Joint honours programmes at the University of Northampton can involve closely related subjects, or contrasting areas of study. Depending on how much time you want to spend studying particular subjects, your degree may emphasise one of these subjects rather than the other (a major and minor programme) or there is the option of studying them more equally, resulting in a joint degree. By studying at the University of Northampton, you can be sure that:
- If you join us, you will experience student life at the University’s new £330 million Waterside Campus. Come along to an Open Day and find out more.
- Students enrolling on this course at Northampton will be provided with their own brand new Hewlett Packard laptop* to keep at no additional cost. All sports clubs and societies are free to join at Northampton and every essential course text book is available via the library, meaning you won’t have to purchase copies. For more information on this visit our website (northampton.ac.uk/benefits).
- Based on the evidence available, the Teaching Excellence Framework (TEF) Panel judged that the University of Northampton delivers consistently outstanding teaching, learning and outcomes for its students. It is of the highest quality found in the UK.
- Whatever your ambitions, we’re here to help you to achieve them. We’ll support you to identify the skills you’re learning during your course, find your strengths and secure practical experience so that when it comes to applying for jobs or further study you’ll feel confident in standing out from the crowd.
- In fact, we’re so confident in our careers and employability support that If you achieve at least a 2:2 degree and complete either our Employability Plus Gold programme or achieve a Changemaker Gold Certificate during your time studying with us, but still haven’t secured full-time employment 12 months after graduating, we will secure a three – six month paid internship for you or support you into postgraduate study.
- Crime and Society (compulsory)
- True Crime and Other Fictions (compulsory)
- The Science of Crime and Criminals (compulsory)
- Introduction to Psychology (compulsory)
- Becoming a Psychologist (compulsory)
- Psychology in Practice (compulsory)
- Research Methods for Criminology (compulsory)
- Crime and Justice (compulsory)
- Outsiders (designated)
- Crime, Policing and Punishment in England 1700-1900 (designated)
- Youth, Victims and Restorative Justice (designated)
- Critiquing Criminalistics (designated)
- Research Methods & Data analysis in Psychology (compulsory)
- Independent Practical Work (designated)
- The Human Animal (designated)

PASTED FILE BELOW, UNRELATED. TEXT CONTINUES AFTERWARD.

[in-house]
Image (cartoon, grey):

- The Psychology of Well Being (designated)
- Cognitive Psychology (designated)
- Biological Psychology (designated)
- Development Psychology (designated)
- Personality Psychology (designated)
- Conceptual and Historical Issues in Psychology (designated)
- Social Psychology (designated)
- Criminology Dissertation (designated)
- Crime and Punishment (compulsory)
- Policing and Crime Control (designated)
- Crime: Perspectives of Gender and Race in late Victorian Britain (designated)
- Addiction: Crime and Decriminalisation (designated)
- Beyond Justice (designated)
- Psychology Dissertation (designated)
- The Psychology of Mental Health (designated)
- Occupational Psychology (designated)
- Parapsychology and Anomalous Experiences (designated)
- The Developing Adult (designated)
- The Developing Child (designated)
- The Psychology of Health (designated)
- Forensic Psychology (designated)
- Consciousness (designated)
- Motivation and Emotion (designated)
- Educational Psychology (designated)
- Understanding the Social World (designated)
- Psychology of Spirituality, Religion and Wellbeing (designated)
- The Psychology of Advertising (designated)
- Investigating and Applying Memory (designated)
A variety of assessment strategies are used at each level to ascertain your level of competence in a range of academic and transferable skills. These strategies include:
- essays, practical reports, multiple-choice tests, oral presentations, time-constrained essays, seen and unseen examinations, critical reviews and group project work.
Professionally accredited courses provide industry-wide recognition of the quality of your qualification.
- British Psychological Society
How to apply
This is the deadline for applications to be completed and sent for this course. If the university or college still has places available you can apply after this date, but your application is not guaranteed to be considered.
- Course code:
- Institution code:
- Campus name:
- Main Site
- Campus code:
Points of entry
The following entry points are available for this course:
- Year 1
GCSE Mathematics at grade 4 (or C) required
The number of student respondents and response rates can be important in interpreting the data. For further information, see the Discover Uni website.
Fees and funding
|Northern Ireland||£9250||Year 1|
|Channel Islands||£9250||Year 1|